). Sociologists have an opportunity to continue this tradition of influence through the study of recovery. As most work being carried out in other disciplines is concerned with recovery outcomes, sociologists can have the most impact by engaging in research that aims to understand the recovery process. This research should aim to address such issues as: (1) the way recovery is defined in political and professional discourse; (2) individuals’ personal experiences of recovery and the meanings they associate with it; (3) and the social processes that occur within the context/environment of recovery (which connect the political, professional, and personal realms).
Qualitative social psychological methods set within a symbolic interactionist framework are the best suited for this task because of their ability to focuses on the (1) meaning/understandings of recovery and (2) social processes involved in the creation of those meaning/understandings (Blumer  1986
), both of which have been recognized to be essential in moving the study of recovery forward (Amering and Schmolke 2009
; Anthony 1993
; Borg and Davidson 2007; Laudet 2007
; Onken et al. 2007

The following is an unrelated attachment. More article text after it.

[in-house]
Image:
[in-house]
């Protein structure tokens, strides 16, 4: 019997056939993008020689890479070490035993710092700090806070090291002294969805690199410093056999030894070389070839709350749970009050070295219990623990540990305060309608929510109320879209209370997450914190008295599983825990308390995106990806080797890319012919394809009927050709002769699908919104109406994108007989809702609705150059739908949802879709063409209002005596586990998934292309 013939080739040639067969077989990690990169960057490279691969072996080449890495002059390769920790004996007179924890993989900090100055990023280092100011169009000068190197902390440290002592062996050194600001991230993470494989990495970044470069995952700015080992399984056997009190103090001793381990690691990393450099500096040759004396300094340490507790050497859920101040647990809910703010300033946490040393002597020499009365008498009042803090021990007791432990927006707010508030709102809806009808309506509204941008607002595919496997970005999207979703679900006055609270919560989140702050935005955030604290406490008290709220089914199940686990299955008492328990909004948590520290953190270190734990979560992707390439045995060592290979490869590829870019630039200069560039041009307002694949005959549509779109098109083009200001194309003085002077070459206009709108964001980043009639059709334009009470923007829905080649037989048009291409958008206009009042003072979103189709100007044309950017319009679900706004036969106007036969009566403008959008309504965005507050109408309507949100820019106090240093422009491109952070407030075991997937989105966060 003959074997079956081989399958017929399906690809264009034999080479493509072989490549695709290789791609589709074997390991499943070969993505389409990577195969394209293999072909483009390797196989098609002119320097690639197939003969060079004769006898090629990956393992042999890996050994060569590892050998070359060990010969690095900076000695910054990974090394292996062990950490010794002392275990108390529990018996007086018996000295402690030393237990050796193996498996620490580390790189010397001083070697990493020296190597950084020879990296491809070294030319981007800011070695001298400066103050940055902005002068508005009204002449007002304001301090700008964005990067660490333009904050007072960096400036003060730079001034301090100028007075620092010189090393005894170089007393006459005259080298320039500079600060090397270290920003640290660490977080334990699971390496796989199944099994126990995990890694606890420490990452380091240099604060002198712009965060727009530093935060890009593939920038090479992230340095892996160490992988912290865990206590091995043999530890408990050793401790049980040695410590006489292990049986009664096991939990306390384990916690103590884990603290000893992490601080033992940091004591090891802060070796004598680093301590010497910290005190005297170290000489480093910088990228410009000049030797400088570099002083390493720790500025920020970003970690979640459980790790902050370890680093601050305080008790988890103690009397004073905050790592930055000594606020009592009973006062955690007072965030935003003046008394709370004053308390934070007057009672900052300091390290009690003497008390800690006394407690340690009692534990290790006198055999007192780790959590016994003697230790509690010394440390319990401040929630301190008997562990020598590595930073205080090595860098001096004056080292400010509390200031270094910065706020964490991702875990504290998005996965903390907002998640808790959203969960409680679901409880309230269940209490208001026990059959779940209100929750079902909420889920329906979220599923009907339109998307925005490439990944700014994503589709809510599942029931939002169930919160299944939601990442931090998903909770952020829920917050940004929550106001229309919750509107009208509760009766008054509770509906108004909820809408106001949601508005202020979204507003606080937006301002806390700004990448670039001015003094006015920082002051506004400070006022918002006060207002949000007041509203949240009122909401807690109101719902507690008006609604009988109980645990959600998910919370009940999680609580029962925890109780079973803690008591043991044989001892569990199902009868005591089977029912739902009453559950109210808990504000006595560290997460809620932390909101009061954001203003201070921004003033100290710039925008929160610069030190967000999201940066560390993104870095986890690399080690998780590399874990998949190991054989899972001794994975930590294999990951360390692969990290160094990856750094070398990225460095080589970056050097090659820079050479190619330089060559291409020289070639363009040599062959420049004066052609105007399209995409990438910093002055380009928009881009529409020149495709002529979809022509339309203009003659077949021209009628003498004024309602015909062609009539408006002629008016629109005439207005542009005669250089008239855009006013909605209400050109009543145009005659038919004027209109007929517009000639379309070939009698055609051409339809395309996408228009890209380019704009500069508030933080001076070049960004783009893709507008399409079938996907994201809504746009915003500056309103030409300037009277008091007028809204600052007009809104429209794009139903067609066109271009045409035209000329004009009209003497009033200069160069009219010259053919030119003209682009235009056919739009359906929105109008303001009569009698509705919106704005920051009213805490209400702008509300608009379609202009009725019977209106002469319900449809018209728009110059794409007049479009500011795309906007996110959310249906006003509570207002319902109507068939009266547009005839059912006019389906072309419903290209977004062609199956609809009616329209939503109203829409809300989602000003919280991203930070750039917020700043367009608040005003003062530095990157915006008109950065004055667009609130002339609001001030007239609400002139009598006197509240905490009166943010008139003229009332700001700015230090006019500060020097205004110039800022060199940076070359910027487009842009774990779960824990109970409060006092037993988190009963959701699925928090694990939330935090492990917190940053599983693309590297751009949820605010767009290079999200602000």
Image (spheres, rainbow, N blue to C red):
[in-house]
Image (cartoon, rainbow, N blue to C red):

). While this tradition of research was strong in the sociology of mental health at the beginning of the sub discipline, it has been largely abandoned over the last twenty years in favor of more quantitative epidemiological and etiological approaches to studying mental health (Pescosolido et al. 2007
; Schwartz 2002
). While quantitative approaches can be useful for studying recovery, they are limited in their ability to understand the how and why of the recovery process through their focus on individual outcomes and an overreliance on psychologically predefined variables that ignore the meanings and experiences individuals associate with the recovery process (see Schnittker and McLeod 2005
; see Schwartz 2002
In the previous sections I have demonstrated how recovery has been socially constructed through research, advocacy, and policy. In the sections that follow I present an argument for a social psychological study of recovery that takes into consideration the meaning and experience of recovery at the individual level and the service context in which recovery happens.
The Meaning and Experience of Recovery
While the disability perspective of mental illness has found its way into the broader policy and treatment discourses, empirical research has been slow to catch up. The majority of scientists who study recovery continue to use biomedical approaches rooted in Kraepelin's theories of schizophrenia and the disease concept of addiction when investigating recovery from these disorders respectively. In order for the scientific domain to catch-up with social developments, there needs to be a greater appreciation of recovery as a social phenomenon and the process recovering persons go through as they attempt to manage their disorder(s) (Davidson 2003
). Additionally, the traditional discipline-based silo approach to investigating mental health and substance abuse ignores the complex relationship between these two disorders and the lived experience of individuals who have dual diagnoses.